So OUTSIDEINSIDE was the terrific followup, and everything was all set for world domination. Then clunk. Promotors started blackballing them, beginning with Bill Graham’s Fillmores, because of volume. He seemed to have a mean streak that fellow, he did the same thing to Family. Then radio didn’t play either single from this second album and it all just went cold. Guitarist Leigh Stephens decides to leave. Boom. End of story. ‘Feathers From Your Tree’ was the second single, even came with a picture sleeve – and in headphones (like all the tracks on the album) it was a drug takers dream come true. Right up there with The Pretty Things’ SF SORROW and The Pink Floyd’s THE PIPER AT THE GATES albums. Sounds swirling and switching speakers at record pace. Dickie Peterson is one of the world’s greatest vocalists too, that’s just fact.

David Bowie / The Faces

Saturday, June 28th, 2008

London Boys / David Bowie

Listen: The London Boys / David Bowie
London Boys / David Bowie

What can anyone say about David Bowie ‘The London Boys’. It’s damp, cold, eery, but cryptically and wonderfully captures a lot of my London experiences as a kid in ’73: Wardour Street, pills, having no money, living on butter and bread, listen to the lyrics. If we come back in life after death, I would do it all over again, to a T. Read on.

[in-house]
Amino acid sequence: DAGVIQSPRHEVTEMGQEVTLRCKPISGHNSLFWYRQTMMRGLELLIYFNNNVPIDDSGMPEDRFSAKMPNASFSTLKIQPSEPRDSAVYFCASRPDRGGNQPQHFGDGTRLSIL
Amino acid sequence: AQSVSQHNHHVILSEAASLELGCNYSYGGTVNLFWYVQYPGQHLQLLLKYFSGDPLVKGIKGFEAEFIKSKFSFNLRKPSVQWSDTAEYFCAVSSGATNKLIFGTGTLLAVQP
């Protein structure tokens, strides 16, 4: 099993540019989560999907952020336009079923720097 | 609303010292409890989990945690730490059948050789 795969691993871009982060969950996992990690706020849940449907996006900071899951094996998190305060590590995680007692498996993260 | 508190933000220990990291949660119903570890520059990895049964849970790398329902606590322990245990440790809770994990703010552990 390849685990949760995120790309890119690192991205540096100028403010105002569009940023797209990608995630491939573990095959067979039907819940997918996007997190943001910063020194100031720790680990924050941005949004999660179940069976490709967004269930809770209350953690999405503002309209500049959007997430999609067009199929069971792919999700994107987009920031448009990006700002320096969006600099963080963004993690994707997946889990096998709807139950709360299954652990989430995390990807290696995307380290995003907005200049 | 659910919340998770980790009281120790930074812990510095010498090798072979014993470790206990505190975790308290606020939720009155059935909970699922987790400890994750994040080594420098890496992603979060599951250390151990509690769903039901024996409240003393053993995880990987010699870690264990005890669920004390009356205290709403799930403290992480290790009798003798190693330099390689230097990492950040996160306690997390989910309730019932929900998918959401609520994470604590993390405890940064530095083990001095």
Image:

So I decide, upon graduating high school, that instead of going to college, I’m moving to England. Can you believe this? I can’t.

My parents, ever understanding, desperately advised against it. But always supporting me in my ambitious dreams, finally said okay providing I do some college when I return.

My Mom was born in Great Britain, her sister lived in London, so I guess it didn’t seem all that risky at the time. I skipped a grade in high school and was therefore really a baby, boarding a Pan Am flight in early June ’73 with a huge $200 in my pocket. I would never let my kids do this today by the way. My aunt in London had me for a few weeks, then shipped me off to my cousin Diane, who lived, and shockingly still does, on Cleveland Street in London’s west end, Soho, This, as it turned out, was the place to be. Literally 4 blocks down from her council flat (Cleveland Street eventually turns into Wardour Street as it crosses Oxford Street), was the Marquee Club. Without shame or hesitation, I walked into the office midday and asked for a job. And they give me one, shockingly. I now was in charge of collecting the empty pint glasses left all around the club as the bands are playing, an endless cycle. I was a slave but deemed this as the opportunity of life.

I grew up outside of Syracuse, dreaming of the other worldly England, now here I am, working at The Marquee. Holy shit. Is this really happening? No one will believe me back home, or care for that matter.

I got paid one huge great big British pound a night, drank all the beer I could for free and got to see every band playing. All I need do is pick up the glasses. I’ll take it.